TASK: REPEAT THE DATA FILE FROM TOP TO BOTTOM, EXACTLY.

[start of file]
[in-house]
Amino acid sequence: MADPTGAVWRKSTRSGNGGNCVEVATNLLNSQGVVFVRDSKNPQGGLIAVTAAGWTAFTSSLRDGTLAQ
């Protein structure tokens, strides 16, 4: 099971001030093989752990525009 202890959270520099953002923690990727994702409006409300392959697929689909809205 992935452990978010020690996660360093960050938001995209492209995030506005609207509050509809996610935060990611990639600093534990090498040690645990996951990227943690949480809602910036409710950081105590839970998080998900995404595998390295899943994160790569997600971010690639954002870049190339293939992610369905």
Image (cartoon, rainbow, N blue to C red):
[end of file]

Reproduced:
[in-house]
Amino acid sequence: MADPTGAVWRKSTRSGNGGNCVEVATNLLNSQGVVFVRDSKNPQGGLIAVTAAGWTAFTSSLRDGTLAQ
């Protein structure tokens, strides 16, 4: 099971001030093989752990525009 202890959270520099953002923690990727994702409006409300392959697929689909809205 992935452990978010020690996660360093960050938001995209492209995030506005609207509050509809996610935060990611990639600093534990090498040690645990996951990227943690949480809602910036409710950081105590839970998080998900995404595998390295899943994160790569997600971010690639954002870049190339293939992610369905």
Image (cartoon, rainbow, N blue to C red):